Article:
Friday, 13 February 2015

A Beginners Guide to Building a Collection and Tunning for a Meta

This guide is for all of those "Spikes" out there that want to know how to get the most bang for your buck, and start getting that crazy high win rate and even possibly winning the next WCQ.  I won't be touching on basic rules, as there are already a lot of very good videos and guides out there for that kind of thing, as well as some deck building and drafting guides for getting your feet wet. This is for the player that already has a bit of a feel for the game, and wants to be put on a path to advance your logical thinking and analysis well playing. This guide is primarily for players looking at playing in competitive constructed, with a little tips and tricks section at the end! Hope you enjoy.

Now naturally, there is of course no way for me to explain every single detail of the game, and I for one certainly don't proclaim myself to play perfectly and have my deck always perfectly tuned for every single meta game. As such, I will be talking about some more general topics. "Give a man a fish and he will eventually starve, teach a man to fish and he will be forever full" - the saying goes something like that. I will be attempting to show you how to fish.

Building a Collection

Just a quick note first if you think you want to spend some money and get a head start building your tier 1 decks.

First, if you want to be competitive right away you are going to need to drop some money on this game. Obviously you can eventually get a tier 1 deck without spending a dime, but for me personally I wanted all the cards right away. I am not sure of my money spent to date, but I am fairly confident you could get a tier 1 deck with a $20 investment baring some luck. Every time they release new cards they usually come with the release of some preconstructed decks that contain all the new cards. This is kind of how I spend my money, I have been buying the precons when they come out because I don't really like going through the hassle of trading for them. The option to craft them is also available, but at double the cost of normal legendaries for a month after release. There are ways to keep up with the cards, but obviously the easiest is to just buy them outright. Crafting would be my second option, then thirdly trading for them.

I want to briefly state how to build up a collection a bit, and the path you might want to take to start playing with a competitive deck. So if your building a collection, what is the best way to do so? First, the commons and rares are pretty much givens, they are very easy to both acquire through opening packs, as well as through crafting. Heroics are a bit more tricky, but most of the time you can share with other people to get these rather easily. What I personally did was spend $20, and do 4-5 drafts with gold. I do fully believe that competitive draft is the best way to initially build a collection. This would net me around 300k silver, plus cards and packs. I am not sure what the average is, but I would assume you get around an additional 40k silver worth of cards per draft (heroics are worth 3500, and legendaries are 32500). Since it is gold, this is doubled because you can share them, so another 80k silver nearly on average per draft you do from the cards alone.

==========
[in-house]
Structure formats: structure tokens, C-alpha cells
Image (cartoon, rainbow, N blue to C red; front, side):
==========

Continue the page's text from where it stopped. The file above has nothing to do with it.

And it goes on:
Now obviously with a brand new collection you won't be actually seeing this silver right away because you can't forge them yet. However, I had 0 cards from set 3/4 and about 40-45 legendaries from set 1/2, and now am only missing about 30 legendaries total, of which I had acquired nearly all of it after 2 weeks of playing (I spent a decent amount of money, and did lots of trading and crafting). Regardless, each draft should be netting you about 150k silver, even with only a record of 2-2. With some smart trading, and a bit of crafting, you can easily make a tier 1 deck, as lots of them only require around 6 to 8 legendaries. If you want to go for a complete set, well again you will have to spend some money. I personally have deck A.D.D. so I need to have all the cards, and right as they come out. However, through free daily rewards, elite tournaments (monthly tournaments bought in with elite tickets, that give 20k gold for 6-0), and lots and lots of grinding, you can get more cards eventually without spending more money, but at the rate they release new cards you would need to play about 100+ hours a week currently to keep up with new releases. For me personally, I love this game, so spending $20 to $30 here and there doesn't bug me to much, and if you only stick with one deck this will very seldom ever even be the case where you need to spend money.

That is it for building up and starting to get your tier 1 decks, onto some more important stuff! 

Deck Types and Building for a Meta